Time’s Ticking for HOA’s to Meet Federal Reporting Requirements

Up to $250,000 in fines and 2 years in jail are the potential penalties for an HOA board member who willfully does not comply with new federal reporting requirements. In the above interview, Ronald J. Barba, a Managing Partner with Bender, Anderson, and Barba, P.C., provides background on FinCEN (Financial Crime Enforcement Network) and what it means for homeowners associations (HOAs) and their respective boards. 

Time’s ticking as HOAs and their Beneficial Ownership Interests (board members) must file by December 31st, 2024. That may sound like a long time, but individual reticence to filing and HOA’s bylaws may be sticking points to complying with this federal law.

As background, the mission of FinCEN, which is part of the Department of Treasury, is to 

“…safeguard the financial system from illicit use, combat money laundering and its related crimes including terrorism, and promote national security through the strategic use of financial authorities and the collection, analysis, and dissemination of financial intelligence.”

FinCEN Mission

To achieve its mission, FinCEN requires every business registered with a state Secretary of State to file a beneficial ownership information statement with FinCEN. As Barba points out, this is also a requirement for almost all of the nation’s 300k+ HOAs (the larger ones are exempt, as they have different reporting requirements).

In his presentation at the 2024 CAI (Community Association Institute) Annual Conference & Exposition, Barba gave FinCEN kudos for designing an easy-to-use website for the organization and its senior officers to complete the form. The sticky point may not be the ease of use, but the reluctance of some board members to upload a government-issued document with their image (e.g. driver’s license) to a federal database.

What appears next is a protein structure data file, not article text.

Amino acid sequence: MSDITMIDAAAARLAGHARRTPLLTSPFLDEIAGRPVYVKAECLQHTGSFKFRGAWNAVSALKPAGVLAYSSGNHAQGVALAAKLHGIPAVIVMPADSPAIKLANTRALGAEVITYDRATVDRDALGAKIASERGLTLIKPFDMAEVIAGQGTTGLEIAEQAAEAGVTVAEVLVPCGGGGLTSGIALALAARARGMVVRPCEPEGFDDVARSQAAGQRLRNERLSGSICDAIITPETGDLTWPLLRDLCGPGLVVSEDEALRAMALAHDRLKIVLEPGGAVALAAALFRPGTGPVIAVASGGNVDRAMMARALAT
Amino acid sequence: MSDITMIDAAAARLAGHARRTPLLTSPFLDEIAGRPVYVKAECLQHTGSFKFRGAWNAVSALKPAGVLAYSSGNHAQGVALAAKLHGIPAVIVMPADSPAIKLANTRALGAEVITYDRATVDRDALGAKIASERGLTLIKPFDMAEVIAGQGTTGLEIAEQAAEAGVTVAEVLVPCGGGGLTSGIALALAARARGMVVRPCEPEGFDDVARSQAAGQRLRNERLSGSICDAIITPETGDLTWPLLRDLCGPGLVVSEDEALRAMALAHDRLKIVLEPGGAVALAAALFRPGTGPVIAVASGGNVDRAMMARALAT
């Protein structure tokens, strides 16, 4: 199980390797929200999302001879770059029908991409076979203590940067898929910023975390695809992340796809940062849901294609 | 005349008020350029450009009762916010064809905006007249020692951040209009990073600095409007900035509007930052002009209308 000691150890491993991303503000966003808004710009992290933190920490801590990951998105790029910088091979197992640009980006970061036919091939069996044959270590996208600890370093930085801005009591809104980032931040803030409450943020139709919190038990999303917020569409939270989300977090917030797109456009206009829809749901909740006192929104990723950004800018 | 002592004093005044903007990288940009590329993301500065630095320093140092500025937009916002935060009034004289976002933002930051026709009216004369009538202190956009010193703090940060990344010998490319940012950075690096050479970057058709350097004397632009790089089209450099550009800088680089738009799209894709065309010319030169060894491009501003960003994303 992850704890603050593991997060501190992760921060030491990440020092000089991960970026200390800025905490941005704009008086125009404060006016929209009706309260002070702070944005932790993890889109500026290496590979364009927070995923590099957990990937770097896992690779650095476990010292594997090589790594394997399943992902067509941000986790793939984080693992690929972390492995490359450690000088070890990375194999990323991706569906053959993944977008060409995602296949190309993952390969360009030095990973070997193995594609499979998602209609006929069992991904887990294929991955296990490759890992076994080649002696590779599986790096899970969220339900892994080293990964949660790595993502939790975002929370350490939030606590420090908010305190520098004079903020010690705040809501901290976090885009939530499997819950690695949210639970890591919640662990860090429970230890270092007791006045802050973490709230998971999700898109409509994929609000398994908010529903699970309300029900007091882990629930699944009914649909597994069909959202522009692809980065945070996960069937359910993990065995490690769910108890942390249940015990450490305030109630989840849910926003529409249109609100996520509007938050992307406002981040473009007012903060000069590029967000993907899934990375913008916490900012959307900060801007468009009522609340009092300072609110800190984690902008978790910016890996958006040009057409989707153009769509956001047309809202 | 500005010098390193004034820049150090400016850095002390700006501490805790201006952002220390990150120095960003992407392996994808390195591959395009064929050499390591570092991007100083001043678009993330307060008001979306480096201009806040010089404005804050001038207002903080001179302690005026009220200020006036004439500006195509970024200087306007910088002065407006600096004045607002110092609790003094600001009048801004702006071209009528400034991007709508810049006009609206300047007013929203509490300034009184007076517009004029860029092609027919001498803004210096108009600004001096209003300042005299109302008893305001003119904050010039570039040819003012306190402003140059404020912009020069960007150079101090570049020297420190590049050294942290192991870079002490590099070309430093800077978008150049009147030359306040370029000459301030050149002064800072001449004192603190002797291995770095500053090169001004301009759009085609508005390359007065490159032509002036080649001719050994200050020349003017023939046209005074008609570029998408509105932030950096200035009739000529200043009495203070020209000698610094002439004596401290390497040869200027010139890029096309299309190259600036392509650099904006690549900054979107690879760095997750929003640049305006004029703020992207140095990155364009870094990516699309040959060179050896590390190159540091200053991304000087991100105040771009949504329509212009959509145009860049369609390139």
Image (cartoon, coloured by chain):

If a board member refuses to complete the form, he runs the risk of the previously mentioned penalties. This could also impact the HOA with similar penalties depending on the circumstances. If the bylaws do not include a provision that a board member must comply with FinCEN, then it might be impossible for the board to remove the non-compliant board member. This situation could put the HOA in legal and financial jeopardy.

There is also a requirement that the FinCEN form must be updated within 30 days of a change to a board’s composition. This doesn’t sound like a big deal, but it could be in those cases where a board member verbally resigns, but it isn’t a clear-cut resignation. 

This author’s takeaways from the above conversation and the CAI panel on this topic:

2 responses to “Time’s Ticking for HOA’s to Meet Federal Reporting Requirements”

  1. Jerry Laufer Avatar
    Jerry Laufer

    Thanks for the nice report Ken. We have several family members living in communities with HOA’s that should find this very interesting. I passed it on to the ones I’m aware of.

  2. Ken Pyle Avatar

    Thanks, Jerry.

    This could catch many small organizations off guard.

    By the way, you were in my thoughts yesterday (actually, you are in my thoughts most days as an important mentor). I had an opportunity to interview a councilmember from a city near you. Stay tuned.

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